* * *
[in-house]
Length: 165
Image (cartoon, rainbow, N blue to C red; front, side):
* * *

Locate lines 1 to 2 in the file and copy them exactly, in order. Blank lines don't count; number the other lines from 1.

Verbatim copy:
[in-house]
Length: 165